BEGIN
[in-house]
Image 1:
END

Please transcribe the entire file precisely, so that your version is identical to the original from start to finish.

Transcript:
[in-house]
Image 1: